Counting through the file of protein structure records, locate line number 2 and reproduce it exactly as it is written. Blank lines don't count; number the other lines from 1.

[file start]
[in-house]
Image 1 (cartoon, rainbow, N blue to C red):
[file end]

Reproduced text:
Image 1 (cartoon, rainbow, N blue to C red):